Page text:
The little things that get you further.
Backpacking is really about the learning experience – there’s only so much someone can tell you to prepare you. The rest you just have to learn by doing. But, a few pointers might make your experiences a bit smoother and prevent some major issues that might turn you off of backpacking.
Planning a backpacking trip takes, well, planning. Doing thorough research to gather information about the trail (length, elevation, hazards, regulations), where you’ll camp each night, where you’ll fill up on water, and the elements you may be exposed to are all essential basics. Planning these parts of your trip can inform what gear you need, how much food, how many miles you’ll hike each day, etc. No one should just go out into the woods and hope for the best. Utilizing some online resources, updated hiking books, and talking with others who have ventured into the areas you’re interested in can get you started in the right direction.
I often call the local forest service where I plan to go within a couple days of the trip to make sure 1) the trail is open and clear of major snow, and 2) to double check on water sources (especially later in the summer). These local offices can also have ideas for what trails to take, good spots to camp, and other information you might find useful.
Looking online for maps is also a big one. I don’t like to buy maps for every hike I do, so if a map isn’t in one of my books I can usually find something online with a bit of digging. I typically download a pdf of the map and send it to my phone, where I then save it to my pictures. Depending on the trip, I’ll also print a copy in case my phone dies. I like to get a good idea of the entire area where I’ll be hiking – not just the trail I plan to do – just in case I need (or want) to change plans mid-trip — take a different route, camp elsewhere, etc. It also helps me get oriented (the actual direction the trail goes, like north or east), which has saved me a couple times when the trail has been ambiguous or I’ve gotten off track.
Tips & Tricks
1) Setting up Camp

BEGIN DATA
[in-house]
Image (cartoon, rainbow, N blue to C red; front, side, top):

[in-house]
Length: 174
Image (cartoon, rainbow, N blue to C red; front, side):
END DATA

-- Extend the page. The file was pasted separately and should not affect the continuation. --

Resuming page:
Avoid wind and rain runoff. If there is wind make sure you’re not directly in it, or try to set up where there are some obstacles blocking you from it (like trees). You’ll get cold at night and potentially woken up a lot from the wind blowing your rainfly if you’re in direct wind. Also, don’t setup right under trees if there’s a chance of rain — it’ll drip off the branches and/or slide down the tree and pool at your tent.
Don’t be right next to a body of water. Water levels change, which could put you in danger, but the morning dew will also get ya good if you’re too close to big bodies of water. Plus, bugs tend to hang out closer to water sources (rivers, lakes), so try to distance yourself at least a little if possible. Not too far though – you’ll need the water supply.
Protect your food. If you don’t use a bear canister (because you’re not in bear country, otherwise you should), either have your food in another protected container, keep it in your tent (with tent closed) or keep it on you (if you’re out for a day hike, for example). I’ve had countless squirrels and other critters plow through clothing, baggies, and other material to get to my snacks. Cleaning up after yourself and not spilling food will help prevent attracting critters to your campsite.
2) Loading the Pack
Ditch the stuff sacks. Stuff sacks create odd bulky shapes and can prevent you from getting more gear in your pack, plus they add weight. Backpacking packs often have a separate lower compartment where you can stuff things like your sleeping bag, towel, and other easily stuff-able items.